Sandra Chapman
University of Warwick (UK)
Complexity in Solar System Physics and Beyond

Sandra Chapman’s research specialty is nonlinear processes (chaos and complexity) in solar system, astrophysical, and laboratory plasmas. She is currently a professor of astrophysics and head of the Space and Astrophysics Group in the Department of Physics at the University of Warwick.

At the Radcliffe Institute, Chapman will write a book, “Complexity: A User’s Guide,” accessible across disciplines, and will continue her research on complexity in solar system plasmas. The book is intended to be an undergraduate text and a primer for scientists wishing to apply ideas from complexity in their own fields. With a NESTA Dream Time Fellowship, which she will hold concurrently, she will travel to Antartica with the British Antartic Survey to explore through artistic practice the experience of science in a pristine environment.

Chapman studied physics on an Exhibition Scholarship at Imperial College in London. Her doctorate, which she earned at Imperial College in 1985, was concerned with chaotic charged particles in the Earth’s magnetosphere. Her work has often returned to this theme and has been recognized with the COSPAR Zeldovich Medal and the EGS Young Scientists’ Medal. In addition to being responsible for a number of PPARC-funded research programs, she has held several research fellowships, including one jointly from the Japan Society for the Promotion of Science and the Royal Society, another from the Nuffeld Foundation, and one from the PPARC. She was recently a visiting professor at the University of Kyoto, and she has published more than seventy papers in the refereed literature and a textbook on electrodynamics.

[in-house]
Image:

This information is accurate as of the fellowship year indicated for each fellow.